US Treasury yields tick higher as investors try to shake off trade-war fears


U.S. government debt yields rose on Friday as investors tried to shake off concerns of a potentially impending trade war.

The yield on the benchmark 10-year Treasury note was higher at 2.906 percent at 2:43 p.m. ET, while the yield on the 30-year Treasury bond rose to 3.048 percent. Bond yields move inversely to prices.


Markets around the globe have been on a roller-coaster ride this week as tensions surrounding a tit-for-tat trade dispute between the U.S. and China continue to escalate.

On Monday, President Donald Trump requested the United States Trade Representative identify $200 billion worth of Chinese goods for additional tariffs at a rate of 10 percent. Those tariffs followed levies announced by both nations last week. Consequently, Beijing stated that it would deliver its own set of counter measures, if required.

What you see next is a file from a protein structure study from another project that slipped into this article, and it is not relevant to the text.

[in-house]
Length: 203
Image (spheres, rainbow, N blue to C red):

Treasury yields are down slightly for the week as investors sought out safety from the increasing trade tensions. German 10-year bund yields, meanwhile, are down more than 5 basis points this week, while the benchmakr Japanese yield is also down slightly.

U.S. crude posted its best daily gain since November 2016 after OPEC members agreed to only a moderate supply increase. The cartel also declined to say exactly how much more its members would pump. Analysts said the deal will likely add between 600,000 and 800,000 barrels per day, which the market can easily absorb.

—CNBC's Tom DiChristopher contributed to this report.